Home / Travel Guide for Washington - DC / Washington DC September 2010 Travelogue Part 3: Union Station, Supreme Court, US Botanical Gardens, and Museum of the American Indian
11 October, 2010

Washington DC September 2010 Travelogue Part 3: Union Station, Supreme Court, US Botanical Gardens, and Museum of the American Indian

Posted in : Travel Guide for Washington - DC on by : The Gourmez

Day 3 in DC started with my arrival at Union Station, which is a grand old station with a mall and a gorgeous hall.

It wasn’t too shabby on the outside, either.

From there, I walked down 1st Street a few blocks to the Supreme Court on the Eastern end of the National Mall. It gets the award for the best columns of the trip among stiff competition.

Here’s how it would look if you needed to come to present a case, which I hope you never need to. Unless you’re a lawyer, then I hope you get the chance to!

Pictures aren’t allowed past this point, but I’d definitely recommend that you go in for the twenty minute talk on how the court’s set up and the inspirations for the lovely stone murals that surround it.

Across the way, of course, is the US Capitol.

It struck me how nice it is that the huge lawn around the building is open for anyone to stroll around, no questions asked. Yes, you must go through security to get inside, but you can get awfully close just by wandering by. Realizing this made me feel welcome and proud that our government is so accessible. We are of the people and for the people, even if we mess that up half the time.

The National Mall starts right past the Capitol lawn, and the US Botanical Garden was the first building I came to on its edge. Time for a new adventure! What’s a travelogue without plant pictures?

The only non-natural display is of metallic plants holding various herbs and spices to sniff.

There were some nice older women smelling coriander and wondering what it was. Being the foodie I am, I happily informed them that it was the seeds of cilantro . . . and then they asked what cilantro was used for. I managed not to laugh while telling them that I use it nearly every day, mainly in Mexican and Asian cuisine. Their curiosities were definitely peaked—I hope they give it a try sometime! As for the garden, there were plenty of fun plants to look at. Here’s a few of my faves:

And a frightening Mr. Potato Man from the potato exhibit.

I know you’re thanking me for that shot.

The next building down is the Museum of the American Indian. It is beautifully designed and is meant to resemble cliff dwellings, like the ones I vaguely remember visiting as a child in the Southwest many years ago.

My first priority was to try the Mitsitam Café, which means “Let’s eat!” in the language of the Delaware and Piscataway nations. I’ve heard good things about it online and in guidebooks. There were about five different stations offering modern takes on traditional foods from various regions of the Americas with great ingredients. I had the fry bread with honey and cinnamon and two small sides. The one toward the back is a pumpkin and corn salad and the dish in the front is a delicious ceviche.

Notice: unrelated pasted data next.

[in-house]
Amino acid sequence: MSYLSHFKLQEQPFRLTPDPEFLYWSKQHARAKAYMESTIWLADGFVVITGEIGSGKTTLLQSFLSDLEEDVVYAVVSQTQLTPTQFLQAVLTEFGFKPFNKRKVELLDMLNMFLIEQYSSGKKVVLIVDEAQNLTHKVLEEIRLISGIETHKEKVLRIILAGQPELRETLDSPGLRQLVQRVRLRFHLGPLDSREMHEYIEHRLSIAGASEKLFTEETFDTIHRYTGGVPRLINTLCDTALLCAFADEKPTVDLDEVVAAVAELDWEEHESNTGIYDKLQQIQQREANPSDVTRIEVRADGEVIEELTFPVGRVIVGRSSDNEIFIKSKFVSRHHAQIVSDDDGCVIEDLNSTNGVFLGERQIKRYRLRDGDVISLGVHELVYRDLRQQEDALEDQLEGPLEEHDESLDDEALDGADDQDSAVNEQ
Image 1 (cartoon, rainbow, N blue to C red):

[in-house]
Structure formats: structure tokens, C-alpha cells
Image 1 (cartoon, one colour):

Every bite of each was fantastic, but I still found it somewhat overpriced. It was $9 for that small dish of ceviche, folks, but it was very tasty regardless of the expense.

The museum is absolutely worth seeing. The top floor is divided into different tribes and some of their traditions and origin stories. Both relics and modern dress and crafts are on display, and I learned just how much I love bead work. I admit, my eyes were glazing over by the time I finished the top floor, so the exhibits on the effects of colonization, modern native life, and American Indian musicians didn’t grab me as much as they should have, but they were nicely done. I only have so much attention span for museums.

I really want this skirt. I swear I had an Indian doll growing up with the same one.

This is MOAI’s ceiling. You bet that skylight provides a lot of rainbows during midday hours.

This beaded flag was just awesome. Abbreviations of the states fill in for stars, and the stripes are made up of the names of different American Indian nations. Awesome.

These statues are part of a larger work called Always Becoming outside of the building. They are meant to wear down naturally with time.

Coming up on the next installment of the DC travelogue: the Sculpture Garden, National Archives, Ford Theater, Foggy Bottom, and dinner! I might even get to Embassy Row by the end of it, but I make no promises.

More photos at our photo website!

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